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The only evidence on the part of the defendant was his own testimony, which consisted of a general denial that he ever promised complainant to be her husband or asked her to be his wife, or lived with her as such. His testimony was not only discredited by what has been said of his conduct and representations and the apparent relation assumed, but in a much greater degree by his own letters. While complainant was at Toronto he wrote her many letters, and after the birth of the boy rejoiced in that event, saying, among other things: "Every one I have told about the little boy is very much pleased, and all send their best wishes for your speedy recovery, and they all please me when they wish long lise to our little boy. I think between us that we can bring him up in as good a style as any papa or mamma in the land.” In his letters he gives the names of a number of his friends who send their regards. These are not the letters of a man who is telling his friends and receiving their congratulations upon the birth of an illegitimate child in such relation as he now claims. They are letters characteristic of a husband and father rejoicing upon the event and solicitous for the health and welfare of his wife and child. There were many other letters written by him after she returned to Chicago, in September, 1886, and in all more than forty such letters were introduced in evidence. In pursuing his business as gambler and book-maker he was away from home a considerable portion of the time in different places where races were in progress, and these letters were written from such places. The envelopes of eleven of them had also been preserved, and they were directed to “Mrs. Simon L. Elzas.” In them he addressed her as "Dear Ada," and admitted that in one of them he addressed her as wife. We think that the court was justified in giving but little credence to his statements.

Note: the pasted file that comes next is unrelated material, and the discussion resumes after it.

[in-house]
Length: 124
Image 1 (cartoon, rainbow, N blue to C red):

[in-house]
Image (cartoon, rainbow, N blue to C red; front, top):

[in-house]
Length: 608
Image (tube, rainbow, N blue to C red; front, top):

The only thing, beside his naked denial, which could tend to defendant's advantage in any way, is the fact that complainant, in a suit before a justice of the peace, while testifying to her marriage to defendant, said that there was a ceremony on Wabash avenue, but she did not know by whom or whether it was by a minister or not, but it was a customary ritual through which they go under such circumstances. Her only explanation was that the examination before the justice was an unpleasant one, and she became confused and could not remember what she said. But whatever was said there, we think, in the light of all the evidence, the marriage contract was established in this case. She never admitted at any time that they were not married, but refused an allowance of $75 per month offered her on condition that she would make such an admission. Her testimony on this hearing was corroborated, and the evidence was sufficient to establish the relation claimed. It is true that the relation between the parties was in its inception mere. tricious, and not matrimonial, and that a relation so commenced will be presumed to continue of the same character in the absence of proof of a change in its nature; but the parties might assume legitimate and proper relations, and should be commended for doing so, and it is, of course, admissible to show that such a change took place. In this case there was an immediate change when the contract was made. She packed up her things and they moved to a respectable place, and afterward lived in decent and respectable places. He deserted her with out cause in March, 1891. She and her sister testified that at the time of the desertion he had been in New York, and on his return she upbraided him for relations with disreputable women and neglect of her, and that the only reason he gave for leaving her was that he was tired and was going to quit. There is not a word of evidence that she did not keep faith with him or fulfill to the utmost her wifely duties.